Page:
While critics may say the federal government has been slow to react to PFAS, last week the EPA took its most aggressive stance — publishing its notice for a proposed federal rule to designate two specific PFAS compounds, PFOA and PFOS, as “hazardous substances” under the Comprehensive Environmental Response Compensation and Liability Act (CERCLA), and now the clock is ticking.
Found in surface water, air, soil, and even more recently food packaging, PFOA and PFOS were used pervasively in American manufacturing beginning in the 1940s for their durability, heat/grease resistance, and waterproof nature, and quickly assumed the nomenclature “forever chemicals” because of their remarkable inability to decompose.
When talking shop, lawyers, insurance carriers, and manufacturers alike have labeled PFAS the ‘emerging contaminant’ to watch out for the past few years, but it’s fully emerged now. While the EPA has taken baby-steps in an effort to lay the foundation for rigorous regulation of PFAS, the newly proposed CERCLA rule will have significant consequences to certain industries. Under the proposed rule, any one-pound release of PFOA and PFOS in a 24-hour period must be reported to federal, state, tribal and local authorities. Opponents consider this draconian when compared to the current absence of CERCLA regulation for PFAS. With the new CERCLA rule, not only must PFOA and PFOS be listed and regulated as hazardous materials by the DOT, which will necessarily impact pipeline and other chemical transporters, but real estate transactions will require contamination investigation and disclosures, further complicating/burdening seller/buyer due diligence during the purchase/sale of real property. This means it is only a matter of time before real estate transactions are stymied by the newly-fashioned CERCLA regulation.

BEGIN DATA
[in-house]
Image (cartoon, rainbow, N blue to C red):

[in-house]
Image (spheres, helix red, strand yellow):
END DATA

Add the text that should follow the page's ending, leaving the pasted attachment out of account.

Because CERCLA not only addresses acute releases of hazardous substances, but also serves as a remediation and cost-recovery mechanism allowing private parties and the government to initiate cost recovery actions associated with the cleanup costs of CERCLA hazardous substances, the proposed rule promises to have far-reaching (and expensive) repercussions. CERCLA attaches when there is: (1) a hazardous substance at a property; (2) an actual or potential danger of release of the hazardous substance into the environment; and (3) clean-up costs. As strict liability statute, no finding of fault is required under CERCLA, and since liability is joint and several, any potentially responsible party (PRP) may be held liable for the entire cost of cleaning-up a PFAS contaminated site. With PFAS known to be so pervasive in the environment, the number of would-be PRPs under the EPA’s new rule is daunting.
Opponents have 60-days to submit comments in response to the EPA’s proposed rule, meaning the EPA will close comments well before Thanksgiving and thereafter, move forward with final rulemaking, which is expected to come to fruition in late 2023.